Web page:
The name plov is short for palov—which is actually an acronym for the essential components of the dish: p = piyoz (onion), a = ayoz (carrot), l = lakhm (meat), о = olio (fat), v = vet (salt), о = ob (water), sh = shali (rice).
You may not consider Uzbekistan a culinary destination, but savvy European travelers have caught on to the country’s flavorful cuisine. Many dishes and preparations, if by other names, might be familiar from other cultures that left their mark on Central Asia—like Turkish shish kebab, Russian pelmeni, Chinese noodle soup, and even Indian tandoori—but the Uzbek people alone proudly own the meat and rice pilaf known as plov.
Uzbekistan is unique from neighboring nomadic cultures in that its people were always settled, and found great success in raising cattle and farming grains and vegetables. Plov is a direct representation of this rich agricultural tradition. The earliest references to the recipe date to the tenth century, when the dish was primarily reserved for the wealthy—or for peasants on special occasions.
With grains, vegetables, and meat on one plate, the dish sticks to your ribs—and its sustaining power is nothing short of legendary in Uzbekistan. It is said that Tamerlane served plov to his soldiers at the urging of a trusted advisor. Just a small amount fueled the warriors through multiple battles—a secret weapon that ultimately led to victory.
Today, you’ll find versions of the recipe at both the humblest hearths and the grandest celebrations. For the latter, a ceremonial chef known as an oshpaz prepares it over an open flame, sometimes in quantities large enough to feed 1,000 people. Regardless of who prepares it, the Uzbeks believe that if you can master plov, you can cook anything. Put yourself to the test with our recipe.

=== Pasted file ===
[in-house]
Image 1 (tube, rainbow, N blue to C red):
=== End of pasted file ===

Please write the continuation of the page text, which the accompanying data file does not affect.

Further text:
1 1/2-2 lbs. beef sirloin or good quality beef
2 medium onions, sliced
5 medium carrots, peeled & julienned
2 1/2 cups Basmati rice, washed
1/2 cup extra virgin olive oil
2 teaspoons kosher salt, more if needed
1 teaspoon ground cumin, divided
1/2 teaspoon saffron
1 whole garlic bulb, top cut off
Black pepper, to taste
5 cups water
- Prepare all of the ingredients by cutting the beef into 1-inch cubes, slicing the onions, and julienning the carrots.
- Pour 1/2 cup olive oil into a Dutch oven and heat on medium/high until very hot. Carefully add the cubed steak, and cook about 7-10 minutes until browned, stirring few times.
- Add the onions, 1/2 teaspoon ground cumin, 2 teaspoons kosher salt and black pepper to taste. Stir and cook on medium/high until the onions are cooked through (about 10 minutes).
- Add carrots, 1/2 teaspoon ground cumin and 1/2 teaspoon saffron. Mix and cook until carrots are cooked through about 5 -7 minutes, stirring few times.
- Pour 5 cups of water, bring it to a boil, cover and simmer on low for about 40 minutes or until meat is tender.
- Then add the rice and garlic and bring it to a boil. Season with salt and pepper, to taste. Then, cover and simmer on low until rice is cooked through, about 30 minutes.
Discover the many cultural influences on Uzbek cuisine when you join our new Stans of Central Asia: Turkmenistan & Uzbekistan adventure.